=Oversight by the Bureau of Indian Affairs, which must approve a lease and process a report. The agency has a backlog that goes back a whopping century;
=Lack of tribal legal protection. Many tribes do not have adequate housing codes or an established court system;
=A lack of basic infrastructure on tribal lands, including water, sewer and roads, leads to increased costs;
=Lack of lender participation. Many lenders just do not deal with tribes because of tribal laws.
Gordon said the NAIHC is teaming up with Fannie Mae to solve those problems. Fannie Mae has supported NAIHC’s 10-year capacity-building campaign to build 100,000 homes in Indian Country through a $1,000,000 grant.

According to a new report by the Commonwealth Fund, huge numbers of American children don't get the medical care they need:
25% of all American children are behind on immunizations against serious childhood diseases;
25% do not receive regular dental care;
33% have uncontrolled asthma because he or she doesn't get the right medications;
75% of American youths who suffer severe mental health problems don't get evaluation or treatment.
The report says the United States lags far behind other industrialized nations in children's health care.

Discoveries Show How Obesity Kills
Research into the biology of fat has turned up new insights about how obesity kills: it's the toxic mischief of the flesh itself.  Roughly 25 different compounds  are now known to be made by fat cells. These fat-storage cells release hormones and other chemical messengers that fine-tune the body's energy balance. But when released in vast amounts by cells swollen  with fat, they assault many organs in ways that are bad for health.  The more fat cells someone has, the more chemicals the cells emit.  Scientists are trying to learn exactly what these excess secretions do that is so harmful. The answers will help explain - and perhaps offer solutions to - the real tragedy of the obesity epidemic and its disastrous effect on health.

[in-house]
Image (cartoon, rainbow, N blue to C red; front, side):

Market grows for Inuvik venison
Rising interest in eating venison are prompting Lloyd Binder, an Inuvik-area herder, to slaughter nearly 800 of his 5,000 reindeer this year. Normally the antlers are the valuable part of the animal, but this year the market is growing for the animal's meat. After the skinned reindeer have been cleaned, they are inspected by government officials and the entrails are put in a pile. "Most of the trimmings are for dog mushers," said Peter Van Brabant, who is helping harvest the herd. "So most of it is being used in one way or another." The meat will be shipped to markets in  Canada and Colorado.